This post is a part of our Bioethics in the News series
By Tom Tomlinson, PhD
It was good news to learn last month that the “Golden State Killer” had at last been identified and apprehended. A very evil man gets what he deserves, and his victims and their families get some justice.
The story of how he was found, however, raised concerns in some quarters. The police had a good DNA sample from the crime scenes, which with other evidence supported the conclusion that the crimes were committed by the same person. But whose DNA was that? Answering that question took some clever detective work. Police uploaded the DNA files to a public genealogy website, GEDmatch, which soon reported other users of GEDmatch who were probably related to the killer. More ordinary police work did the rest.
Most of the concern was over the fact that the police submitted the DNA under a pseudonym, in order to make investigative use of a database whose members had signed up and provided their DNA only for genealogical purposes.
My interest in this story, however, is the way it both feeds and undermines a common narrative about our DNA—that it is uniquely identifying, and that therefore any uses of our DNA pose special threats to our privacy. As The New York Times expressed this idea, “it is beginning to dawn on consumers that even their most intimate digital data—their genetic profiles—may be passed around in ways they never intended.”
It’s true that a sample of DNA belongs uniquely to a particular individual. But the same is true of a fingerprint, a Social Security number, or an iris. More importantly, by themselves none of these pieces of information reveals who that unique individual is.
As the Golden State Killer story illustrates, it’s only when put in the context of other information that any of these admittedly unique markers becomes identifying. If the GEDmatch database contained nothing but genetic profiles, you could determine which genomes the killer was related to. But you’d have no idea who those genomes belonged to, and you’d be no closer to finding the killer.
Although an individual genome can’t by itself be identifying, it can provide a link that ties together different information sources which include that genome. It can then be that collection that points to an individual, or narrows the list of possibilities to increase the odds of identification, and the threats to privacy. Imagine the state police maintains a database of forensic DNA linked to records of criminal convictions, and provides that database to criminologists, stripped of any names or other direct identifiers. Imagine as well that one of the hospitals provides researchers with DNA from their patients along with their de-identified medical records (which can include patients’ age, race, first 3 ZIP numbers, and other demographic information).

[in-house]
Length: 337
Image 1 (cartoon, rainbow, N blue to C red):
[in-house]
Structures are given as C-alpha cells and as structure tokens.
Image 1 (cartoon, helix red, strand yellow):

If we put those together we can do some interesting research: use the DNA link to identify those who both committed various crimes and had a psychiatric history, so we can compare them to convicted felons without a psychiatric history.
But now it may take very little additional information to identify someone in that combined database and invade their privacy. If I’m a researcher (or hacker) who knows that my 56-year-old neighbor was convicted of assault, I can now also find out whether he has a record of psychiatric illness—and a lot more besides. What he had thought private, is no longer so.
The point of this somewhat fanciful example is that as more information is collected about us, from more sources, the threats to our privacy will increase, even if what’s contained in individual sources offers little or no chance of identification.
For this reason, the prospect of merging various data sources for “big data” health research will challenge the current research regulatory framework. Under both the current and the new rules (which haven’t yet gone into effect), the distinction between identifiable and non-identifiable research subjects is critical. Research using information that can be linked to an individual’s identity requires that person’s consent. To avoid this requirement, research data must be “de-identified”. De-identification is the regulatory backbone on which much of the current “big data” research relies, allowing the appropriation of patient medical records and specimens for use in research without consent; and it provides the regulatory basis for uploading the data collected in NIH-supported research into a large NIH-sponsored database, the database of Genotypes and Phenotypes (dbGaP), which most NIH-supported genomic studies are required to do. Data from dbGaP can then be used by other researchers to address other research questions.
The possibilities of merging such “de-identified” databases together for research purposes will only increase, including facial recognition databases being collected online and on the street. As the mergers increase, it will become more difficult to claim that the people represented in those databases remain non-identifiable. As Lynch and Meyer point out in the Hastings Center Report, at this point there will be two choices. We can require that all such research will need at least broad consent, which will have to be reaffirmed every time a person’s data is used in new contexts that make identification possible. Or we will have to fundamentally reassess whether privacy can play any role at all in our research ethics, as the very idea of “privacy” evaporates in the panopticon of everyday surveillance.
Tom Tomlinson, PhD, is Director and Professor in the Center for Ethics and Humanities in the Life Sciences in the College of Human Medicine, and Professor in the Department of Philosophy at Michigan State University.
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